- Discuss with students the methods they use to choose books and that all readers “cheat” (do not finish books). Some books are boring. Let students know that it is okay to abandon books that are not working for them.
- The rights of the reader: http://www.walker.co.uk/bookshelf/the-rights-of-the-reader-poster.aspx
- Empower students by letting them make some of the book choices that will be read as a class. By valuing their opinions, teachers can let students know that their preferences are just as important.
- Reading requirement: 40 books. She tries to encourage a certain amount from the various genres, but if a student is set on one genre she does not push the issue. There are benefits to reading deeply in one genre as well as reading a variety of texts. The reading requirement forces students to take responsibility for their own reading instead of the teacher taking it for them. It is important to celebrate milestones with students by focusing on their successes rather than their failure to meet requirements. Students must choose and read many books in order to “catch the reading bug.”
- Teacher has a reading list of her own because need to always be planning to read another book.
- Integrate subjects by layering reading and writing within the curriculum. Students end up “hungering for more information” when teachers go the extra mile to provide more than what is given in their textbooks.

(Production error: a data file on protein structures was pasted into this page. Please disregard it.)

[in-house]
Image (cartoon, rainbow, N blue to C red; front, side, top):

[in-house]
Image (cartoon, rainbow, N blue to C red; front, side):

- Share several high-interest books with students to introduce them to authors.
- Meet students where they are by allowing them to share knowledge they have from movies and television shows as well as books.
- Sections of the reader’s notebook: tally list, reading list, books-to-read list, response entries (p.96).
- Letter exchanges with the teacher are a way for a more experienced reader to communicate with a less experienced reader, but not a list of probing questions to make sure the student read.
Books to read list
Books to read list
To Use in Your Classroom
- Books are boring response- “We launch into a discussion of what to do when a book gets boring, and I give my students outright permission to abandon books that are not working for them” It doesn't mean that that book doesn't have potential, it’s just not relating to the student’s interests. Don’t lose motivation for reading in a book you don’t like!
- Gain trust- take students’ recommendations and actually read the books they recommend. You get to know your students better and they can trust you when YOU give them recommendations as well. It’s an exchange.
- Tripping Over the Lunch Lady good read aloud suggestion for older grades.